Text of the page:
Information Transfer Between Humans
Can we measure the effect of one person’s words on another person? I want to describe the main idea behind my recent paper, Information-Theoretic Measures of Influence Based on Content Dynamics, which I’m presenting at WSDM 2013.
Ostensibly, information theory is a dry, academic subject about how to send 0’s and 1’s through a noisy channel (like browsing the web using your cellular signal). The goal is to encode the information so that all the bits can be recovered after they are sent through a noisy channel. Shannon’s theory tells us that the amount of information we can send through the noisy channel is related to a quantity called “mutual information”.
What does this have to do with influence, human speech, or social media? This abstract framework is remarkably flexible. What if the input is some statement made by Alice. Then the “noisy channel” consists of (e.g.) sound waves, the ear drum, and the brain of Bob. Now Bob “outputs” some other statement. In the example below, Bob has said something very relevant to Alice’s statement: WSDM is in Rome, so Alice should definitely have some coffee while she’s there. Bob’s statement gives us some information about what Alice’s original statement was.
If, on the other hand, Bob had proclaimed his love of borscht, it’s not obvious that this has anything to do with Alice’s statement. Clearly, Bob lives in his own universe, day-dreaming of borscht. His statements carry no information about Alice’s statements.
How do we measure this notion of whether Bob’s statements carry information about Alice’s? We just use the standard information-theoretic notion of mutual information.
Unfortunately, this quantity depends on us being able to determine the probability of every pair of statements we might see Alice and Bob utter. Unfortunately, at best we might have observed a few hundred statements from Alice and Bob (on Twitter, for example). We have to do two things:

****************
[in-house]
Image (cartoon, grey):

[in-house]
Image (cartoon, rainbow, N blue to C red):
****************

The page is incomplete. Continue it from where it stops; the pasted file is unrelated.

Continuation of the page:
1. Simplify our representation of these statements (or “reduce the dimensionality of the signal”). That means Alice’s statement is reduced to some keywords that it might be about. (Some details: we use a popular technique called topic modeling to achieve this.)
2. Estimate mutual information using these simplified signals. (Some details: we actually use a more nuanced measure called conditional mutual information, or transfer entropy. We use non-parametric entropy estimators that avoid the step of estimating high dimensional probability distributions.)
Surprisingly, we were able to carry this procedure out for some users on Twitter and detect signals in human speech! One way to understand this result is to say that we could find user pairs where Bob’s statements could be predicted better if we knew Alice’s recent statements. It will come as no surprise that human speech is nuanced and complex, so we were only able to detect very predictable relationships. For instance, one triad of strongly connected users were three tri-lingual sisters. If one of the sisters tweeted to the others in a specific language, the others would always respond in the same language. Other strong relationships included news dissemination and web site promotion. Can we do better and detect more complex forms of influence? Sure, we need either more data or better representation of content or better entropy estimators. We’re working on all three!
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